Fruit cakes & sour grapes

Just wanted to say a few words in defence of fruitcake. I too remember those sickly sweet crumbly marzipan-topped atrocities of yore. But I also remembered Michelle’s mother’s cakes as being the ones that won me over. I’d been dithering over about four pounds of mixed raisins, sultanas, currants and dried apricots that were growing plumper and plumper through repeated applications of calvados and apricot brandy; I craved fruitcake but couldn’t find a recipe that appealed, until Michelle sent me hers, which was a relative of this one; it features grape juice and 10 eggs and a quart of brandy, and at least 48 hours spent soaking the fruit. It is unspeakably good.

I didn’t include any citron in mine, but was thinking about a dinnertime conversation I had recently about this fruit. I used to see it in the markets in Italy, where it is called cedro. We were wondering if the liqueur my friends had had in Greece – Kitron – might have been made of that rather than lemon, and indeed this seems to be so.

Could wine be considered sour grapes? Vinegar could, anyway. I’ve been thinking about sour foods in recent months, after picking up on some local buzz about natural fermentation over the summer.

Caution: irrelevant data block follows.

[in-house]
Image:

Back in 2003, Sandor Ellix Katz published a book – Wild Fermentation – which has become wildly popular; I believe I actually saw him floating around Terra Madre with his last copy so didn’t manage to secure one there, but the ideas intrigue me (and I have his latest, The Revolution Will Not Be Microwaved, lined up on the bookshelf). So when I picked up a nice seasonal cabbage during a farm shop swoop the other day, I thought I should try my hand at sauerkraut. Starting a little late to have it ready for Christmas (one of those family tastes I’m wild for is our tradition of having sauerkraut alongside turkey – something about sauerkraut and turkey gravy…) but could start the new year off right.

It’s a simple thing to do: all you need is salt and cabbage, and somewhere to put it (I hear reports about its fermentation aromas which suggest you might want some distance between you and the crock while it’s doing its thing). A recipe from Mother Earth News makes it sound easy, and the benefits extolled include a possible cure for Avian flu and cancer prevention.

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